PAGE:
Working for nothing? For low pay? Long and exhausting hours with no benefits as opposed to other employees of the same company receiving a full-time salary? Sounds like one of those programs with hidden cameras, right? Well, it is not!
It is simply the reality of interns or fellows in the present times. Today, both students and companies question the value of the experience you get as an intern. Does it really benefit candidates when they apply for a job?
The main objective of an internship is to help university students decide which career they want to follow after graduation. Internships are more than just a job after school. The daily tasks of interns vary widely, and they end up learning a wide variety of new skills.
Interns, unlike what appears in movies and popular culture, are not subjected to serving coffee or making photocopies. If you are looking to get in touch with the professional world while you are still studying, an internship can be a very good opportunity, depending on the conditions in which it is carried out and the company you choose to do it with.
What Exactly Does an Internship Entail?
An internship is an unpaid professional practice, although interns may sometimes receive compensation to cover, at least, the expenses of commuting to the company with which they are collaborating. An internship can be an outstanding experience or a waste of time and money, depending on the conditions of the same and how each student takes advantage of it.
When done well, internships are opportunities for students to take their first steps in the professional world, turning over what they have learned in the university and learning all the practical part that in the institutions is more relegated.
There are several ways in which an internship is beneficial for a student or recent graduate. For example, doing an internship allows you to apply theoretical knowledge in practice and work by understanding the dynamics of a company. You also get to practice teamwork and coordination between different areas in search of the same objective and meet people from your field of interest.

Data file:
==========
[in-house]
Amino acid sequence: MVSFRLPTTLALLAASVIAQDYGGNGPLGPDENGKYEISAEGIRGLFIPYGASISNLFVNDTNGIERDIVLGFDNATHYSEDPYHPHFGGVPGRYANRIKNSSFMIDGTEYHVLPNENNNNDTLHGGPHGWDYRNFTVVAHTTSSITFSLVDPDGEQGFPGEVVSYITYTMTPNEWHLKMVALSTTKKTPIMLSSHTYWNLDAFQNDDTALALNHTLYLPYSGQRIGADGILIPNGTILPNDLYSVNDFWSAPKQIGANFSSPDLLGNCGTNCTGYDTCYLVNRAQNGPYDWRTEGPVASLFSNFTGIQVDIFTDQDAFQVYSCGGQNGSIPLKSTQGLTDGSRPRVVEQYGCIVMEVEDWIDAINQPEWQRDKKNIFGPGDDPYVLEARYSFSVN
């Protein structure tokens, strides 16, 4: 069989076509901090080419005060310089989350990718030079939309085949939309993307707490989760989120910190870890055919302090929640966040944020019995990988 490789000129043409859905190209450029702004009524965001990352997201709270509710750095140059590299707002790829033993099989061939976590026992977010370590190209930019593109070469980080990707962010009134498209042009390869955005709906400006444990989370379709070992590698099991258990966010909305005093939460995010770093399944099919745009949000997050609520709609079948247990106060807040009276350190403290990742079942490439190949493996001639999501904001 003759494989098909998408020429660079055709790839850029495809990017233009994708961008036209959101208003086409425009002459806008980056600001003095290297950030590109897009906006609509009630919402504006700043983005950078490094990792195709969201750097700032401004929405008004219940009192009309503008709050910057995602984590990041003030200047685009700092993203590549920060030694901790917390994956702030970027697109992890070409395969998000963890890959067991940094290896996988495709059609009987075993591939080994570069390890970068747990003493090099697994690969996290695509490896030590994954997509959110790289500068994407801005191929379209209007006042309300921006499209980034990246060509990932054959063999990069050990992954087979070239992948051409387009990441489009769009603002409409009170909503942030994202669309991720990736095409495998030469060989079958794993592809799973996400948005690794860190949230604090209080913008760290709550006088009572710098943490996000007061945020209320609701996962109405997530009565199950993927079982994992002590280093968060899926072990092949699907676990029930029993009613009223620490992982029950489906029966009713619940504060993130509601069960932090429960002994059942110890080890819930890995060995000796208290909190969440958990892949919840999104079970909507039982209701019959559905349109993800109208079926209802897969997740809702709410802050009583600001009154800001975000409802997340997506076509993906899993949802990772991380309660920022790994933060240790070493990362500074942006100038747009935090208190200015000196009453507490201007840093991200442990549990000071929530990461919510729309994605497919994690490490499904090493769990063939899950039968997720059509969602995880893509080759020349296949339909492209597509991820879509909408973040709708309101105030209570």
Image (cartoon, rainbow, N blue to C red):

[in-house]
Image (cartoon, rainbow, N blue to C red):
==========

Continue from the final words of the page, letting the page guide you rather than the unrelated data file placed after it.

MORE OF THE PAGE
For most students or recent graduates, having no work experience is common. That said, a CV that includes an internship can make all the difference. An internship is an option worth considering as it helps young people without professional experience stand out among the others, as long as the company in which you work does its part well.
For the internship to be beneficial, you must demand the same discipline you offer from the company. This means that you will work for a couple of months for free, but only in exchange for learning. If the internship is about doing the work that nobody has done in years and has nothing to do with what you have studied, you will definitely not be learning anything that adds to your career.
The problem of internships is that some companies may ‘abuse’ the student’s need to start their professional practices and, thus, have a constant rotation of interns who do what no one does. So, they end up learning nothing valuable in terms of their professional or personal development and all without a salary.
In an article by the International Labour Organisation (ILO) on whether internships are an opportunity or a labor trap, the ILO Youth Employment Program Coordinator, Gianni Rosas, explained that internships should always have a formative component since that is what they are – a training at work. If young people are used to carrying out tasks that are normally performed by stable staff, it can be considered undercover work, which can be prosecuted in labour courts.
Another significant negative of an internship is the lack of pay or very low pay. Strictly speaking, interns are not employees and, therefore, do not receive a monthly salary. In most cases, interns are offered a monthly payment to cover transportation and meals.
That said, if they are trained properly, keeping the experience they gain in mind, the low pay is of little consequence. In such a healthy scenario, an internship can prove to be beneficial for not just the intern but also the company as they will mutually benefit from the value the other provides to their professional development. Another way in which employers can benefit from internships is through the apprenticeship levy. This tax that is mandatory for UK employers can potentially help them fund new apprentices while getting fresh talent in their company at the same time. Hence, it is a win-win for both parties.
Thus, when determining whether to carry out an internship or not, evaluate what the company offers. If you know that it will give you the opportunity to develop, establish contacts, and learn significant things about your profession, do not hesitate to accept it!
However, if what the company is looking for is burdening you with tasks that will not contribute to your development in any manner, you should think twice before agreeing to spend a part of your time and efforts there.